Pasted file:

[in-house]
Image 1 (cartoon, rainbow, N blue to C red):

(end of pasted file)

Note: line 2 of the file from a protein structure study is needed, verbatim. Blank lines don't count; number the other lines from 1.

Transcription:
Image 1 (cartoon, rainbow, N blue to C red):